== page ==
When we consider the concept of evolution, we often think about change happening over generations.  We look at Darwin’s work meticulously charting changes in beak size and other factors that can help a species adapt to their surroundings.  We debate over whether the digestive tract of the human body has evolved to adequately process the increased consumption of grains thanks to the Agricultural Revolution.  But, what about the evolution of each of us as individuals during our human experience?

The human brain reaches full development around the age of 25.  That is not to say that the kitchen timer rings and suddenly our growth is complete.  There is always an opportunity to grow, change, and evolve towards our greatest potential.  What matters most is the ability to let the ego go and be open to change.  This may be easier said than done.  When I talk about evolving in your human experience, I am not referring to adding an inch to your height.  I am referring to literally allowing pain to destroy that which no longer serves you on your journey.  (I am in no way endorsing seeking out pain, staying in a volatile relationship, or inflicting it on others.)

We as a culture shun pain.  If someone tries to talk openly and honestly about pain, we say they are complaining, they are weak, they are self absorbed.  The over-medication of our escapist society with a surge in prescription drugs, alcohol consumption, and any other feel-good substance do nothing more than numb us from that which is there to help us.  These tools do have their place, but we are all individuals.  We each have our own body chemistry, physiology, life experience, beliefs, situation, & outlook that can affect the role of these medications.  Prozac may work great for one person, while another may respond better to CBD oil.  It is important to find an Integrative Functional Medicine practitioner to help manage supplements and medication.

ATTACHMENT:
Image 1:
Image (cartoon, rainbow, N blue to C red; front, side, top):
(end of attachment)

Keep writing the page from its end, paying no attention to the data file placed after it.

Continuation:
In the Army, we were constantly told (and it trickles down to the lowest rank) to, “Suck it up, and drive on!”.  The most common cure-all was 800mg of ibuprofin and water.  It was ingrained to put mind over matter and just keep pushing through.  I understand that the mission comes first, and sometimes we do need to FIDO (F*&k it, drive on).  But, when it is all said and done, restoration and reset are paramount.

Soon-to-be mothers often choose an epidural or an elective cesarean section because they are afraid that they cannot handle the pain.  When I was 9 months pregnant, a friend gave me the best advice for labor.  “Savor the exquisite pain,” she said.  She went into a story about with her first child, she didn’t like the pain, and the entire labor, she just wished it away.  When her beautiful daughter emerged into the world, she felt a huge wave of sadness for now the pain was over and she essentially missed it.  During my intense 7 hours of active labor with my son (read blog HERE), her words rang through my head with every birth wave.  It helped me stay completely present in the moment and feel grounded.